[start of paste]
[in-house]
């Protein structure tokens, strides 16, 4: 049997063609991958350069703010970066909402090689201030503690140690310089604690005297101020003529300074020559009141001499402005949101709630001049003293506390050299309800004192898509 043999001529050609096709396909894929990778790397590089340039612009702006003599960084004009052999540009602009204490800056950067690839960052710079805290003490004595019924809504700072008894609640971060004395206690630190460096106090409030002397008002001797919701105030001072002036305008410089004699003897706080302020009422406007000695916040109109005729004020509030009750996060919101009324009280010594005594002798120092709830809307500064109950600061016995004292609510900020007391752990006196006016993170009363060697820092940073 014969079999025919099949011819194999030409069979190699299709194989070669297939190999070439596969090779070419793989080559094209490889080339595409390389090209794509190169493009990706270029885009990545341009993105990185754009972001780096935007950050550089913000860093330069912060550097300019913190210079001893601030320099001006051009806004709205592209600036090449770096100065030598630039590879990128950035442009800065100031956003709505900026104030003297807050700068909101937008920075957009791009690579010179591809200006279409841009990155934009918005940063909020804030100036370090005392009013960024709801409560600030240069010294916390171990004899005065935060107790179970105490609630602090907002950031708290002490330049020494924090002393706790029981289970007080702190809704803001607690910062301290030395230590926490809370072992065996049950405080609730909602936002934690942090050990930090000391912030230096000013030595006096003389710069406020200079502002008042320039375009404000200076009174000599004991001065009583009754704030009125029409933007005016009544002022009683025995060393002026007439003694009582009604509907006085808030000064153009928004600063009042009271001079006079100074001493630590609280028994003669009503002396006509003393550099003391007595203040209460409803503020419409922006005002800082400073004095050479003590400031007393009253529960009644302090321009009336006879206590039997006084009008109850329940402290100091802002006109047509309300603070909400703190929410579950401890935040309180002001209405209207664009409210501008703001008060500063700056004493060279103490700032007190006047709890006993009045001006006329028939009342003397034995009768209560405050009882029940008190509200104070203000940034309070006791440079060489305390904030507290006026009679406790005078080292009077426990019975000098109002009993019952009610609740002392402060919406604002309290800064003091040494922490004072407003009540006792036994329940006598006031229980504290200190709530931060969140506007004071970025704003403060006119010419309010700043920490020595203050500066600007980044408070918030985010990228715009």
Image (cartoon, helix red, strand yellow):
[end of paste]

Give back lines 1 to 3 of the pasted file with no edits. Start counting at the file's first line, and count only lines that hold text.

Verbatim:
[in-house]
């Protein structure tokens, strides 16, 4: 049997063609991958350069703010970066909402090689201030503690140690310089604690005297101020003529300074020559009141001499402005949101709630001049003293506390050299309800004192898509 043999001529050609096709396909894929990778790397590089340039612009702006003599960084004009052999540009602009204490800056950067690839960052710079805290003490004595019924809504700072008894609640971060004395206690630190460096106090409030002397008002001797919701105030001072002036305008410089004699003897706080302020009422406007000695916040109109005729004020509030009750996060919101009324009280010594005594002798120092709830809307500064109950600061016995004292609510900020007391752990006196006016993170009363060697820092940073 014969079999025919099949011819194999030409069979190699299709194989070669297939190999070439596969090779070419793989080559094209490889080339595409390389090209794509190169493009990706270029885009990545341009993105990185754009972001780096935007950050550089913000860093330069912060550097300019913190210079001893601030320099001006051009806004709205592209600036090449770096100065030598630039590879990128950035442009800065100031956003709505900026104030003297807050700068909101937008920075957009791009690579010179591809200006279409841009990155934009918005940063909020804030100036370090005392009013960024709801409560600030240069010294916390171990004899005065935060107790179970105490609630602090907002950031708290002490330049020494924090002393706790029981289970007080702190809704803001607690910062301290030395230590926490809370072992065996049950405080609730909602936002934690942090050990930090000391912030230096000013030595006096003389710069406020200079502002008042320039375009404000200076009174000599004991001065009583009754704030009125029409933007005016009544002022009683025995060393002026007439003694009582009604509907006085808030000064153009928004600063009042009271001079006079100074001493630590609280028994003669009503002396006509003393550099003391007595203040209460409803503020419409922006005002800082400073004095050479003590400031007393009253529960009644302090321009009336006879206590039997006084009008109850329940402290100091802002006109047509309300603070909400703190929410579950401890935040309180002001209405209207664009409210501008703001008060500063700056004493060279103490700032007190006047709890006993009045001006006329028939009342003397034995009768209560405050009882029940008190509200104070203000940034309070006791440079060489305390904030507290006026009679406790005078080292009077426990019975000098109002009993019952009610609740002392402060919406604002309290800064003091040494922490004072407003009540006792036994329940006598006031229980504290200190709530931060969140506007004071970025704003403060006119010419309010700043920490020595203050500066600007980044408070918030985010990228715009």
Image (cartoon, helix red, strand yellow):